EVER thought of an all-women cabinet, not 10 per cent among predominantly male ministers, but all of them women? Imagine one. A compelling reason for this obviously ambitious exercise is that the men have messed it all up. And, women leading their teams of men have not fared much better either.
A TV ad that repeatedly distracted one from the sports fixture in progress could be credited for this unusual recourse to sublimation. “Select your team and win a prize,” it urged myriad eyeballs and ears with monotonous regularity to promote an app. Assembling cricket or football teams is, of course, old hat. Why not stitch up team, Indian or any other, with an acutely political purpose.
Despite its essential backwardness, South Asia has produced Indira Gandhi, Benazir Bhutto, Sirimavo Bandaranaike, her daughter Chandrika Kumaratunga, together with the two strong-willed ladies from Bangladesh who have had their shy at power. But they were mostly circumscribed by male colleagues in a heavily patriarchal format. How could it be any other way in our regressive milieus, not that the more advanced countries of the West have fared greatly better?
The current Indian prime minister is a robust man who doesn’t shy away from flexing his maleness — projecting a 56-inch chest, for instance. He reshuffled his cabinet recently and added seven more women to make a team of 11 women in a team of 77. As far as one knows this is the highest number of female ministers in an Indian cabinet, the previous high being 10 in each of Manmohan Singh’s two innings.
Sample an all-women shadow government in India, one that promises to bring social cohesion, peace, equitable prosperity and justice for everybody.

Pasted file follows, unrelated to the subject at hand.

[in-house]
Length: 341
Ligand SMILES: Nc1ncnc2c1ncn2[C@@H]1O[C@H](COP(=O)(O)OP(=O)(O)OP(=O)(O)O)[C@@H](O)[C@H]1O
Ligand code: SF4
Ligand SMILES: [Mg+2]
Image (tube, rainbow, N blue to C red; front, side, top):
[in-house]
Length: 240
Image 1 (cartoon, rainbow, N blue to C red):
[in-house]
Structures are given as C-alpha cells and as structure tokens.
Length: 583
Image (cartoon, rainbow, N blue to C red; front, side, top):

The Lok Sabha starts its monsoon session next week, and a reworked team should help move the focus from an unapologetic government in need of masking its massive failures. The health minister was dropped and a new information minister inducted. A strong hunch suggests a purpose — to deal with as yet critical sections of the media to refurbish the prime minister’s sagging image.
A cursory glance around the world offers encouragement and hope for women leaders particularly when men like Donald Trump have mostly messed things up. The one person preparing to leave gracefully after a long tenure of applause and charisma is a woman, German Chancellor Angela Merkel.
Unsurprisingly, the rare person in the saddle who draws unqualified respect and affection around the world is New Zealand’s Prime Minister Jacinda Ardern.
Staunchly humanist, brilliant and caring women are also fighting at the barricades for justice and equality in several parts of the world, even as they bring dignity and brilliance to academia and parliament. Anahita Ratebzad had put Afghan women’s education at the top of the agenda before two reactionary men, Ziaul Haq and Ronald Reagan, jointly put the country back into the mediaeval age. Joe Biden’s heart supposedly bleeds for Afghanistan, but he is determined to desert its women.